Front End Assembly:
The main structure is a hose clamp with 2 #8 screws threaded from the inside out, one facing up and one down. A top and bottom door hinge on each screw is held tight with washers, locking washers, and nuts. Two half football cake pans were cut with a dremel. We cut a 3/4” slot through the back of each pan so that the PVC could slide through the back and the font could close evenly. We drilled the back of each pan to match the hinge holes, then more screws again.
The actuator was hacked from an old broken CD player (really old, no DVD). I never did this before, but it was a risk that payed off. I used a hacksaw to cutaway just the bits I needed: PCB and motor, gearbox, front latch and tray switch. The tray was cut to about a one inch width to get the strip that has gear teeth. Held on with a hose clamp and a cable tie.
The off name, cheep, 25+ year old flash was begging for a hacking. I only needed access to the on off switch and test fire button. I worked around this by replacing the batteries with alligator clips and wires to send it power only when the staff was on. My multimeter found the battery springs that were ground and hot. A hot shoe adapter was spliced to fire it. Two cable ties hold an old door latch jam then that is hose clamped to the pipe.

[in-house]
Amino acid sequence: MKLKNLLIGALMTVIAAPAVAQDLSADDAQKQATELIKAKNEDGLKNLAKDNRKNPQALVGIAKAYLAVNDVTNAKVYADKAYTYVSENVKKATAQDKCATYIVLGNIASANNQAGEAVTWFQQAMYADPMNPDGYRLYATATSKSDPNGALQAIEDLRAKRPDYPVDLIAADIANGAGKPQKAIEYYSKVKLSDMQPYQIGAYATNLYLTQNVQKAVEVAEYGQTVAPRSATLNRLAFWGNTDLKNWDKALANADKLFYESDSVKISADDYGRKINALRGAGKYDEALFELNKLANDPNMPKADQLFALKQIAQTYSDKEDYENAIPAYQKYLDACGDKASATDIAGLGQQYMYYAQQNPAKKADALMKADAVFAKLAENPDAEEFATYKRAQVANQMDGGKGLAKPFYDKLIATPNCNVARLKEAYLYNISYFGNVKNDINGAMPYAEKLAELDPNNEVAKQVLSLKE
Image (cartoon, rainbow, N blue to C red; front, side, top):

One of the Fails I had at the beginning was thinking I had enough time and patience to fabricate the front end with a wire frame, aluminum, and JB Weld (bad idea).
Back End Assembly:
Running out of money, time and ideas, I salvaged a juice bottle from recycling. I cut out the bottom for easy access, then mounted the ignitor. The original plan to have four AA's mounted in the back, but that got moved and cable tied to the front end.
Spray painted matte black on the inside, “forged metal” texture paint everywhere else. Rubber bands (blue) keep enough tension to keep closed, but not so much so that it binds the CD player motor.
With that strip of CD tray attached, and electric tape to hide the ugly: